On June 5, Teressa Ravenell, Associate Dean for Faculty Research and Development and Professor of Law, participated in A History of Violence: Institutional Racism in Our Criminal Legal System which was organized in the wake of the killing of George Floyd. The discussion was organized by the American Constitution Society, the National Bar Association and the Society of American Law Teachers.
Ravenell, a known expert on federal civil rights litigation against police officials, was selected to participate in the panel along with legal experts from around the country. Attended virtually by more than 1,000 participants, the discussion focused on the institutional and systemic racism within the criminal legal system that leads to disproportionate police violence against black and brown people. The conversation also included discussion on the protesters who demand change and the ways it can be addressed.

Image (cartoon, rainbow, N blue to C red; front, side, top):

“As a Civil Rights and Police Conduct scholar my work is about violence, injustice, constitutional violations and immunities,” said Ravenell. “It can be disheartening. Yet, I find peace in my work. That peace comes from the hope that I can generate a change. And I truly believe we are on the precipice of great change—particularly in the context of police reform.”
Ravenell joined Villanova Law in 2006 and began serving as Associate Dean for Faculty Research and Development in 2019. She teaches Civil Procedure, Criminal Procedure, Civil Rights Litigation, and Police Conduct. Ravenell's scholarship focuses on section 1983, the federal civil remedy for constitutional deprivations, and examines the points at which section 1983 jurisprudence converges with other areas of the law. She is an expert on qualified immunity, municipal liability, and federal civil rights litigation against police officials. Ravenell held industry positions as an associate with Wilmer, Cutler, & Pickering in Washington DC and she clerked for the Honorable Raymond A. Jackson of the United Stated District Court for the Eastern District of Virginia. Prior to joining Villanova Law, she was a Visiting Assistant Professor at William and Mary Law School. Ravenell received her BA from the University of Virginia and her JD from Columbia University School of Law.
Visit the ACS site to listen to a recording of the conversation.